- James Hartshorne, 1727 (died in 1729)
Benjamin Hartshorne (3), son of Benjamin and Elizabeth (Boutwell), born in 1720, married in 1742 Mary, daughter of Jeremiah and Sarah (Burnap) Swain, and their children were:
- Benjamin Hartshorne, born in 1744
- Mary Hartshorne, 1746
- (Deacon) James Hartshorne, 1750
- William Hartshorne
- Jonathan Hartshorne
- Jeremiah Hartshorne, in 1760
- Mary Hartshorne, 1765
- Sarah Hartshorne, 1768
Jeremiah Hartshorn (as he spelled the name), son of Benjamin and Mary (Swain), was born in 1760. He and his wife Rebecca lived in Foxboro, Mass., where their son Jesse was born.
Jesse Hartshorn, son of Jeremiah and Rebecca, was born May 17, 1786. He married Priscilla, who was born April 5, 1791, daughter of Abizer Dean. When a young man Jesse Hartshorn entered the service of the Shepards, who were pioneers in the cotton manufacturing business and built what was known as the Green Mill in Taunton, probably the fifth in the country, there being at that time two in Pawtucket, one in Cumberland and one at Warwick. Jesse Hartshorn came to Taunton in 1807 in the employ of the Green Mill Company. In 1813, he with Robert Dean and some others formed a company and built a mill in the east part of Taunton, and Mr. Hartshorn became superintendent and agent of the company. In 1819 he built and equipped a mill at Falls of Tarboro, N. C, and later built and organized other mills at various places including Pawtucket and Blackstone, R. I., and Humphreysville and New London, Conn. About 1813 he returned to Taunton and was in the employ of Crocker, Richardson & Co., until their failure in 1837. In 1840 he took a lease of the cotton and paper mills at Westville where he remained until 1845. In 1846 he entered the service of William Mason & Co., as superintendent of their machine works, remaining with them until 1851, when he retired from active business. The Foxboro records show Mr. Hartshorn officially connected with the public affairs of his town, holding the office of selectman in the early years of the nineteenth century. His death occurred April 2, 1868; his wife survived him many years, dying Jan. 14, 1885. Their children were:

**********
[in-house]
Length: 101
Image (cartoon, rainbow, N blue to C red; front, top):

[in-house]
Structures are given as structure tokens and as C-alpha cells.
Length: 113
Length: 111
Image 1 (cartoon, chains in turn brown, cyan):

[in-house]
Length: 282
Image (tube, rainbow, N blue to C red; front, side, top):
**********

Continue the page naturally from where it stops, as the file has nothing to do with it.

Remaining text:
- Charles Warren Hartshorn, born Oct. 8, 1814, and died March 31, 1893
- Mary Leonard Hartshorn, born April 25, 1818, and died in April, 1885
- George Franklin Hartshorn, born Sept. 27, 1826, and died in 1901
- Martha E. Hartshorn, born Dec. 31, 1830, and died June 8, 1900